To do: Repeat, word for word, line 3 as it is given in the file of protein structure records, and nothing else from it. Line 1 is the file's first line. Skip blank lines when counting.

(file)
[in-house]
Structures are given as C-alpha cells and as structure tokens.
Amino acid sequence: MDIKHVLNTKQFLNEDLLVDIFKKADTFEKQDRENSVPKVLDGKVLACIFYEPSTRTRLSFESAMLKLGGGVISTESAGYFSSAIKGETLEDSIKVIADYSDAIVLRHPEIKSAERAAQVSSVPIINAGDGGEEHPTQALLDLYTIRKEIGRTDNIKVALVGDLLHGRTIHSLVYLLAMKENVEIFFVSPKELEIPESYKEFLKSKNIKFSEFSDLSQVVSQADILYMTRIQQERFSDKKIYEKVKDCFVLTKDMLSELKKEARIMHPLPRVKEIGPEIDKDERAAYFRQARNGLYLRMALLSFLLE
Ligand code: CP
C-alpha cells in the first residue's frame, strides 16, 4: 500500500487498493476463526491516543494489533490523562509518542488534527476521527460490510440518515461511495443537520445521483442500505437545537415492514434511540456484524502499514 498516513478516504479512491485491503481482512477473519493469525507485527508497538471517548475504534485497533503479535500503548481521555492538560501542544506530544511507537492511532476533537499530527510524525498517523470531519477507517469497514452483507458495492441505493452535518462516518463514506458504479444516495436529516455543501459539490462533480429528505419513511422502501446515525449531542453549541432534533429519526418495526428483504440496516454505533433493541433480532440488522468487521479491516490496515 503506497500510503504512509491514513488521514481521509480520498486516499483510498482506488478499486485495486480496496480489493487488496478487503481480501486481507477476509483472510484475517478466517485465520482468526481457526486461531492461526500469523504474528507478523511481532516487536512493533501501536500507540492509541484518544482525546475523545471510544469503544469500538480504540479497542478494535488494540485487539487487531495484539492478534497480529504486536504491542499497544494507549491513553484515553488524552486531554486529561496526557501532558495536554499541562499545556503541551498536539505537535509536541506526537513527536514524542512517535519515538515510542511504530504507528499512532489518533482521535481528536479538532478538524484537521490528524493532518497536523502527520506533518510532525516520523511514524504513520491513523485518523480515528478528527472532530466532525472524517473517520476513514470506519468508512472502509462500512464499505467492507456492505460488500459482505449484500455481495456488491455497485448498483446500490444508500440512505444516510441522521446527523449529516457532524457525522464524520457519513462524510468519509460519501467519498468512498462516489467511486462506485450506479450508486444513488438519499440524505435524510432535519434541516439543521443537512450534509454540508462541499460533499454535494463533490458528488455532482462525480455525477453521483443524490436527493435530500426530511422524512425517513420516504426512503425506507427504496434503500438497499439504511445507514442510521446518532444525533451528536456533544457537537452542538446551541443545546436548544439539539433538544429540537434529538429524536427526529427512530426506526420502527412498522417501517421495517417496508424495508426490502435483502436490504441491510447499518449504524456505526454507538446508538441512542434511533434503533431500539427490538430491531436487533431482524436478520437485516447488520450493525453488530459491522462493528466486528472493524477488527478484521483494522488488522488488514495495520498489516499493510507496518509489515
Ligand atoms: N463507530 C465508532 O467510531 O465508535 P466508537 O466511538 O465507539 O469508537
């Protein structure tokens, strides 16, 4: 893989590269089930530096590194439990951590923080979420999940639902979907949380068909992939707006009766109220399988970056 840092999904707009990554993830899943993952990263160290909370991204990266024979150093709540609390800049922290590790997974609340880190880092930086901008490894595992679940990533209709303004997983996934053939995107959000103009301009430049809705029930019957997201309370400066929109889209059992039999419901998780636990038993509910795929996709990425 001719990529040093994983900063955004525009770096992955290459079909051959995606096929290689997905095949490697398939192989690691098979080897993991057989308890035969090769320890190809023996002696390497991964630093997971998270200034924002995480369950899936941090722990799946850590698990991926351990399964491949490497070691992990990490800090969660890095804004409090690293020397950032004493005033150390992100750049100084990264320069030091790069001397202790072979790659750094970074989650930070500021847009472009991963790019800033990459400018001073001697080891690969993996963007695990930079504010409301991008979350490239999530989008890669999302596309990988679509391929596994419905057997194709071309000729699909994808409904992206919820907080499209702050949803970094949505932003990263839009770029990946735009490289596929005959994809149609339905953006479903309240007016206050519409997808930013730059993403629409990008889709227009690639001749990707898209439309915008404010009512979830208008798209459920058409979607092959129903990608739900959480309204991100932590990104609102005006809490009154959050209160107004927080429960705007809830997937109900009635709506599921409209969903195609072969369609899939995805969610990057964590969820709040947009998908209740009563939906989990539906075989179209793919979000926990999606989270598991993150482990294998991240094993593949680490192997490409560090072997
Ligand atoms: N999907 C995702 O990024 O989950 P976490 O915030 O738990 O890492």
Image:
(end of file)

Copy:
Amino acid sequence: MDIKHVLNTKQFLNEDLLVDIFKKADTFEKQDRENSVPKVLDGKVLACIFYEPSTRTRLSFESAMLKLGGGVISTESAGYFSSAIKGETLEDSIKVIADYSDAIVLRHPEIKSAERAAQVSSVPIINAGDGGEEHPTQALLDLYTIRKEIGRTDNIKVALVGDLLHGRTIHSLVYLLAMKENVEIFFVSPKELEIPESYKEFLKSKNIKFSEFSDLSQVVSQADILYMTRIQQERFSDKKIYEKVKDCFVLTKDMLSELKKEARIMHPLPRVKEIGPEIDKDERAAYFRQARNGLYLRMALLSFLLE